We first noted that the idea of pleasure is tied into acceptance. That we -and God -accept things, because to one degree or another, they are pleasing to us. Here, we get another connotation. That acceptance is also tied into the idea of will. And throughout Scripture, this is the similar and consistent meaning of will. Our will is our ability to choose. But we learn that we will only choose that which is pleasing to us (for various reasons).

We see in this passage, the motivation behind Simeon’s and Levi’s slaughter. Self-will. Without consulting their father, they took the law into their own hands. And not only did they punish the perpetrator, but many innocents too. What does Jacob say about this: “Let my soul come not into their council; O my glory, be not joined to their company.” Essentially, Jacob was saying, “I will have no part of this”; “my will is not to do your will.”

And in this short statement, we get a glimpse into a principle that carries through scripture. That not only we, but God will only take delight in, or accept, that which is like unto Himself. As the Lord’s Prayer states: “thy Kingdom come, thy will be done.”

Because of Reuben’s sin, the right of firstborn passed him by. Because of Simeon’s and Levi’s sin, the right of firstborn passed them by. They were unacceptable. For this reason, the right of firstborn is passed down to Judah: “Judah, your brothers shall praise you; your hand shall be on the neck of your enemies; your father’s sons shall bow down before you … The scepter shall not depart from Judah, nor the ruler’s staff from between his feet, until tribute comes to him; and to him shall be the obedience of the peoples” (Gen.49:8,10).

Thus, we see Jesus. The Lion of the tribe of Judah (Rev.5:5). The firstborn over all creation (Col.1:15). He is, was, and always will be the eternally begotten Son of God. Pleasing to the Father. Accepted. He is The King, The Great High Priest, and The Prophet. Coming to declare to us our lost and unacceptable condition, but also, a way to be accepted. Just listen to how He confronted us…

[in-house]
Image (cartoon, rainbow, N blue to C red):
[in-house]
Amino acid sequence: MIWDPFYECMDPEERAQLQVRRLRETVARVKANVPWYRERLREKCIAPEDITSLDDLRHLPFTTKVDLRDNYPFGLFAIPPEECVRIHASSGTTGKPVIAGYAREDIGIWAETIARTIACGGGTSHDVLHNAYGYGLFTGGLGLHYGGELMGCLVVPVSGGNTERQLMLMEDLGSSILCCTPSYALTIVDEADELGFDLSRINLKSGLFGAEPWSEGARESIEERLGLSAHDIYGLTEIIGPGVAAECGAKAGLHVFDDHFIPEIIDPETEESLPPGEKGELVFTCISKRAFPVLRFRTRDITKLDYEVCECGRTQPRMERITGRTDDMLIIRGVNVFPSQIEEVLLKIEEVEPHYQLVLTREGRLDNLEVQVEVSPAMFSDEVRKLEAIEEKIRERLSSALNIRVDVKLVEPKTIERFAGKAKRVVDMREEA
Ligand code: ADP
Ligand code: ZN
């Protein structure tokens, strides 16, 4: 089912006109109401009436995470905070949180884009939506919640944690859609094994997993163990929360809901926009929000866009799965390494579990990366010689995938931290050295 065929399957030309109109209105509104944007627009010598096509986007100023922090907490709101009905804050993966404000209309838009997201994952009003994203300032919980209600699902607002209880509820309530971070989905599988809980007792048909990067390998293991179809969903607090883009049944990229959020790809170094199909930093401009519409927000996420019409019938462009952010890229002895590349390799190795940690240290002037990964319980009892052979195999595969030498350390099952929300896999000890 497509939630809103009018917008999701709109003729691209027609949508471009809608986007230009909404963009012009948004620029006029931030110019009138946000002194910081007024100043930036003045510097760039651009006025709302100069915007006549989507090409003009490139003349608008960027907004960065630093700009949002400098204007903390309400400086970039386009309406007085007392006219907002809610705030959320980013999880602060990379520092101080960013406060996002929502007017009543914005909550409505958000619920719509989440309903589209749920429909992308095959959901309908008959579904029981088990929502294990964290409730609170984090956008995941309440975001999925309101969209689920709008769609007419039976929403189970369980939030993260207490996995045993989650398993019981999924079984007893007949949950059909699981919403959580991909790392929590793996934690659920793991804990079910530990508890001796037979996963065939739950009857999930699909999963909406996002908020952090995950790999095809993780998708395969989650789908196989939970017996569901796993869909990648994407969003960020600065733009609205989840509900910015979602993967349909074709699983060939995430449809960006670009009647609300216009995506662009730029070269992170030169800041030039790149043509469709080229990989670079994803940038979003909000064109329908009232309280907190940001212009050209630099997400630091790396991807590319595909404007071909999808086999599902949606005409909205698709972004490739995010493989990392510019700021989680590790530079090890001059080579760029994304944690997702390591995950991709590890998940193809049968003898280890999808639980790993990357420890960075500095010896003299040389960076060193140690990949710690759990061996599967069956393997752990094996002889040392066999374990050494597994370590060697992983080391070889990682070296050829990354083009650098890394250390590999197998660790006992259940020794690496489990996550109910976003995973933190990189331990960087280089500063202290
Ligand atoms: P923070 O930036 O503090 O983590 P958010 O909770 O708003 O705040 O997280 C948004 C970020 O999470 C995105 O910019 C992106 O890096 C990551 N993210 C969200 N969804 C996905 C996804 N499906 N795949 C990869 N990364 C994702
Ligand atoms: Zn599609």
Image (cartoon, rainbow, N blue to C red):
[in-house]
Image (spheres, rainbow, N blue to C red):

Jesus told the Pharisees: “You are of your father the devil, and your will is to do your father’s desires” (Jn.8:44). And don’t brush this off onto the “wicked” Pharisees, because we have done the same: “you once walked, following the course of this world, following the prince of the power of the air … we all once lived in the passions of our flesh, carrying out the desires of the body and the mind, and were by nature children of wrath, like the rest of mankind” (Eph.2:2,3). Trust me. We are not acceptable to God. Worst off all. He was not acceptable to us. We were at war. Enemies. God does not tell you to come as you are. Sorry. But He does tell you to come to Christ for all that He is.

Christ came to do the will of His Father: “I (Jesus) seek not my own will but the will of him who sent me” (Jn.5:30b). Jesus delighted in what God delighted. He took pleasure in doing that which was pleasing to the Father. That which was acceptable to God was acceptable to Him. Thus, the Father accepted Him, saying, “this is my beloved son, in whom I am well pleased” (Matt.3:17).

This was why Christ came: “Behold, I have come to do your will” (Heb.10:9). But in order to do this, the Son of God became like us, a man. And He offered up His owe life; His Holy Life; a life worthy of infinite value; a sacrifice of infinite worth; capable of atoning for all the sins of God’s people, forever. “Every priest stands daily at his service, offering repeatedly the same sacrifices, which can never take away sins. But when Christ had offered for all time a single sacrifice for sins, he sat down at the right hand of God” (Heb.10:11-12). Not only was Jesus our sinless substitutionary sacrifice, but He was our Great and Holy High Priest. He offered up Himself, and on the basis of His own acceptance with God, He carried His own blood into heaven, to appease God’s Wrath against us.

We are acceptable to God only in Jesus: “He made us accepted in the Beloved” (Eph.1:6b). His beloved Son in whom He is well pleased. And when we are in Christ, we are fully accepted. Children. “And if children, then heirs–heirs of God and fellow heirs with Christ” (Rom.8:17). Apart from Christ our separation from God is great; but in Christ, God wraps His arms around us as we are wrapped in the arms of His Son. Group hug.

So this is what God does. We who were dead, God made alive (Eph.2:1). He is the first and only cause. He opened our eyes to see His glory. And we, in return, willing came to Jesus. We accepted Him, because He accepted us, and revealed to us His infinite value. He was delightful. And we were delighted to receive Him by faith: our sinless substitutionary sacrifice, our Holy High Priest, and our eternal King. He came to pay for our sins, present Himself before God, and reign as King over us. He is the Lord of our salvation.

And now, because we are in Christ, we can say…

“I delight to do your will (ratsown), O my God; your law is within my heart”
(Ps.40:8).